The trouble is, my new book -- Secret Agents: The Menace of Emerging Infections -- is about the many and diverse infectious horrors that modern life has handed us. What's worse, I am all too willing to inform my dining companions about the disease-causing bacteria and viruses lurking in our homes, workplaces, backyards, children's day care centers, even perhaps in the very food that is now being passed around the table.
My monologue usually begins when I arrive and notice the salad being finalized for display. "Have you washed the lettuce?" I blurt out. "If not, we may be at risk for E. coli O157:H7." If some smart-aleck snorts in disbelief, and tells me that E. coli is found only in raw hamburger, I'll list the dozen or so recent outbreaks in carrots, apples, coleslaw, unpasteurized juices, and, yes, lettuce.
Once we are settled in at the table, I am often moved to comment upon the pathogenic properties of poultry. "Ever notice that it's hard to buy a chicken these days without Salmonella or Campylobacter?" Of course, I don't mean to cast gloom on the occasion, so I'll add a helpful consumer precaution. "Always cook your bird until the juices run clear," I say, tipping the serving platter to demonstrate my point.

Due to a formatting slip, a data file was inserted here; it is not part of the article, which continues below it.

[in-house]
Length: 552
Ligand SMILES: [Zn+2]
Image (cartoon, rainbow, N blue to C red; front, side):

At this point, the guests may lapse into silence. I sense an opening for a new subject. "How many of you leave your kids in day care?" After this informal poll, I'll breezily mention that these facilities are "microbial cesspools" -- that phrase always gets people's attention -- teeming with Shigella, Streptococcus, and who knows what else.
"That's why we have antibiotics," someone might say. Of course, I quickly correct this careless delusion. "Actually," I'll respond, "we're using too many antibiotics in this country. Bacteria are becoming resistant to everything we throw at them. If we keep this up, we'll be back in the Dark Ages of medicine."
Now the plates are being cleared for dessert. Inwardly, I'm hoping that the final course does not consist of fresh raspberries from Guatemala -- surely everyone remembers the Cyclospora epidemic from a few years back? To banish that from my mind, I'll turn to current events. "If you were a bioterrorist, which weapon would you deploy: anthrax, smallpox, or plague?" My dining companions stare at me helplessly. Since I don't want them to feel embarrassed for not knowing how to answer, I describe the strategic pros and cons of each.
By now, the mood is unmistakably subdued. But I consider it a teachable moment. "Emerging infections are evolution in action," I'll explain. "Never underestimate an adversary that has a 3.5 billion year head start."
Someone tosses down a fork in exasperation. "Can't you talk about anything besides your book?"
My mind casts about for fresh conversational tidbits. "Have you heard," I ask, "the latest theories on global warming?" (Madeline Drexler)
Posted May 18, 2006
This book is really good. There's case study after case study, and it's extremely fun to try to guess what it is before you get to the diagnosis. It also explains some of the virology and biology aspects, which makes it easy to read even if you don't know anything about either of the latter subjects.Was this review helpful? Yes NoThank you for your feedback. Report this reviewThank you, this review has been flagged.
Posted June 21, 2010
No text was provided for this review.